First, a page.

DaveSome believe the Fed would like nothing else but to inflate away our debt.  Why?  If today's debt, in dollars, can be paid back with future dollars worth less, inflation has then, effectively, discounted the debt. 

For individuals, a good example is your mortgage.  In a true inflationary environment, the cost of goods, services and wages all rise together.  So, while your home value may rise, your mortgage balance did not inflate proportionately with the inflated value of your home.  Hence, you are allowed to pay off your mortgage debt with dollars that have lost purchasing power in the case of almost everything except your mortgage balance.

Such is the same for the Fed/Government.  If they breed inflation, it then becomes that much more manageable to pay off today's debt with future dollars that are worth less. 

I hearken you back to August 15, 1971 when Richard Nixon announced he was taking the U.S. off the Gold Standard.  At that time Nixon realized foreign countries were hoarding more gold and silver backed currency than could actually be redeemed by the precious metal's reserves we held.  By taking us off the Gold Standard the U.S. was then free to print dollars backed by the full faith of the Government - NOT GOLD!

From that time to January 1980, inflation ran near 20% and so did interest rates.  Gold prices climbed 1700% by some measure.  To obtain a complete report titled, Will Rising Rates send Gold up 1700%?  Click here to request the information offered.

By taking us off the Gold Standard, Nixon put the U.S. in a position of being able to pay off dollar denominated debt with dollars that became worth less once the gold backing was removed.

In a Reuters report dated Feb. 1, we find evidence the Fed is already pondering QE3.  See Kansas City Fed President Thomas Hoenig's comments in this article.  We're only about half way through QE2 and already QE3 is appearing on the radar.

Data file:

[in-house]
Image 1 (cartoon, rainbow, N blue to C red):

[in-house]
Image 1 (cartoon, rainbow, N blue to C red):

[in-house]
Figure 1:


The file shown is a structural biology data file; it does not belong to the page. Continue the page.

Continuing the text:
In a November 5, 2010 report, I cited Goldman Sachs claims that it could take $4 trillion more of Quantitative Easing to get us out of this mess.  Hoenig, regardless of his personal belief in QE, has now indicated it may be true that the stage is set for many years of additional QE.

Is it too much of a stretch to believe the Fed wants higher gold prices?  As holder of the largest gold reserves in the world, (8966 tons worth some $387 billion) the benefit to the U.S., of gold prices double or triple where they are today, becomes apparent.  Now we are looking at two benefits to inflation.  One being, it allows you to pay off today's debt with future dollars worth less.  The other is higher gold prices.

Some believe higher gold prices could put the U.S. in position to back the dollar, at least in part, by gold.  This is rumored to be what some Arab nations intend to do with the Dinar.  China is also rumored to be considering backing their currency with gold.  If this truly is the case, the U.S. would have to be in a similar position to do the same with the dollar.

Of course this is all theory but it does go a long way toward explaining why central bank gold demand is soaring.  It also gives good reason for all of us to own a few gold coins.  Lear Capital